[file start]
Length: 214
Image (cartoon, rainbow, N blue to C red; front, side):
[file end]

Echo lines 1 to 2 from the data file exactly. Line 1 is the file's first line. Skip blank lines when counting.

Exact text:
Length: 214
Image (cartoon, rainbow, N blue to C red; front, side):